Is it like being trans?

Intersex is not the same as trans/transgender. Being trans is about gender identity and gender expression: how you see yourself and how you present yourself to others. When someone is trans, their perceived social gender is not consistent with their biological sex.

When someone is intersex, their biological sex is not consistent with what doctors perceive as a standard male or female body. Most intersex individuals identify as male or female, and usually their perceived social gender corresponds to the sex assigned at birth. The difference is perhaps best explained with a comparison that is so brief as to be a little off-putting to reality:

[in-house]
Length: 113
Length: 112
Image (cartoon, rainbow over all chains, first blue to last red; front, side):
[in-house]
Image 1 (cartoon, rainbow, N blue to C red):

Some trans people seek the help of a doctor to adjust their bodies to their views, while intersex people seek help to get rid of the doctor who has adjusted their bodies to his views.

Many intersex people get along well with doctors these days, thankfully, and by no means is every trans person looking for a doctor. But it does emphasize the essence of the difference. While surgical intervention for intersex variations is no longer a given for a small group of modern physicians, many of our stories are about  unpleasant contact with health professionals.